Ever wonder how a hospital is kept clean even though thousands of people, including patients, staff, and visitors, walk the halls of a hospital each day?
This is because, 24 hours a day, seven days a week, multiple environmental service professionals work diligently to make sure all areas of the hospital are kept fresh, clean, and sanitized.
We all know the best care starts with a clean environment. And at Iredell Health System, the environmental services staff have been taking extra cleaning precautions since before the pandemic even began.
That’s why Iredell Health System is taking this week, National Healthcare Environmental Services & Housekeeping Week, to recognize and honor these often overlooked frontline healthcare heroes with immense appreciation, goodies, gifts, and meals.
After all, environmental service employees are the first line of defense against serious infections that may linger on surfaces in patient rooms, public areas, and throughout the Health System’s facilities, specifically Iredell Memorial Hospital and Iredell Mooresville.
“The environmental services team is the last touch between a patient leaving and the next patient coming in. We want to make sure that we’re preventing the spread of any infection that the new patient did not have,” said Chris Coble, director of environmental services at Iredell Health System.
Iredell’s environmental services team is made up of 44 full-time and part-time employees, encompassing housekeepers, floor technicians, waste management technicians, and linen aids.
And while Iredell Health System has always strived to create a clean, safe environment for patients, visitors, and staff, the COVID-19 pandemic has taken this cleaning experience to the next level.
At the height of the pandemic last year, environmental service employees were praised for their long hours and hard work, working behind-the-scenes to ensure the highest quality of care for patients.
With the increase in COVID-19 patient volume over the past several weeks, Iredell’s environmental services team has gotten quite busy once again, taking up arms against COVID-19 by working around the clock to keep facilities sanitized, disinfected, and safe for all patients.
“I think we’re busier during this COVID outbreak than we were last year. We’re back to seeing the same inpatient COVID volumes as we were in December and January,” said Coble.
Before the pandemic, Coble’s team averaged cleaning around 30 to 40 rooms per day once a patient had been discharged. Now, with such a high patient census, the team has about 50 patient discharge rooms to clean each day.
Housekeepers also clean patient-occupied rooms, including those patients with COVID.
“To clean COVID rooms, our employees have to ‘gown-up’ every time they enter that room. Then, when they come out of the room to dispose of items, they have to re-gown to go back in,” said Coble.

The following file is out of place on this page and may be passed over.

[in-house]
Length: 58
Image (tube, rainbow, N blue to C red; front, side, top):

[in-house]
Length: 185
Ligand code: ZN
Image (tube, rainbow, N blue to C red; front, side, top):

To “gown-up,” housekeepers must put on all the personal protective equipment that a clinical employee would wear. This includes a gown, gloves, an N95 mask, and a face shield. With the additional duties of cleaning a COVID room, this process takes a lot longer than a typical patient room.
The growing COVID patient volume also heavily affects the waste management technicians as more waste is accumulated from all the personal protective equipment used each time someone enters an infected room. On top of this, they are responsible for collecting all of the regular waste, biohazardous waste, and recyclables out of the building.
“Without nurses, we would be in bad shape. But without our team, especially the staff pulling the waste out of the building, the hospital would shut down,” said Coble.
When entering a patient-occupied room, housekeepers introduce themselves, explain how long they will be in their room, and what they will be doing to sanitize and clean the room effectively.
The environmental services team at Iredell has received multiple positive comments from patients about how the housekeeper was funny, made them laugh, or even took their minds off their problems for a little while.
“There’s story after story about how patients can relax a little more when housekeeping comes in. Patients tend to really open up to them because they’re not getting poked, or prodded, or getting other vitals checked, so they actually have a chance to just talk,” said Coble.
While the environmental services team plays a monumental part in keeping the hospital clean and does a wonderful job of that, Coble likes to remind people that everyone should be conscious about cleaning up after themselves, if possible.
“We should all look at that building with such pride, and we should all want to take care of it, not wait for someone to come clean up after us,” said Coble.
In honor of Healthcare Environmental Services & Housekeeping Week, make sure to thank an environmental services team member for the huge role they play in patient and visitor safety both during the pandemic and at all times before.
“This is truly a group effort, and I’m so grateful to be part of such a great team. If it was not for the environmental services team and their immense dedication, our hospital would not be as strong and as fortunate as it is today. I really appreciate them for all they do for our organization,” said Coble.
Pictured: Some of the many EVS team members at Iredell Health System.